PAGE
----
Longchamp Racecourse or, in French, Hippodrome de Longchamp, is set in 57 hectares on the outskirts of the French capital, Paris, between the Bois de Boulogne and the River Seine. Horse racing first took place at Longchamp in 1857, but nowadays the racecourse with the prestigious Prix de l’Arc de Triomphe, run over 2,400 metres (just over a mile and a half) on the first Sunday in October each year. In total, Longchamp Racecourse stages 29 Flat fixtures between April and October, which include no fewer than 16 Group 1 races.
Longchamp Racecourse is famous for its variety of interlaced courses, ranging in length from 1,000 metres (approximately five furlongs) to 2,750 metres (approximately a mile and threequarters). The 2,400 metre course is characterised by a hill, which climbs to a height of 30 metres, or nearly 100 feet, alongside the Bois De Boulogne and the so-called false straight, fully 800 metres (approximately half a mile) from the winning post. With the exception of the straight 1,000 metre course, on which the Prix de l’Abbaye de Longchamp is run, all the courses at Longchamp are right-handed.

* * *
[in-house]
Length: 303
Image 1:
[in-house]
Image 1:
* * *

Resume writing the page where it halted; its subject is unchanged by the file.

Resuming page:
The Prix de l’Arc de Triomphe was first run in 1920 to celebrate the Allied victory in World War I.
The last horse to win the Prix de l’Arc de Triomphe twice was Alleged, trained by Vincent O’Brien and ridden by Lester Piggott, in 1978.
Frankie Dettori, winner of the British Flat Jockeys’ Championship in 1994, 1995 and 2004, was handed a six-month by the France Galop, the French racing authority, after testing positive for cocaine while riding at the Prix de l’Arc de Triomphe trials meeting at Longchamp in September 2012.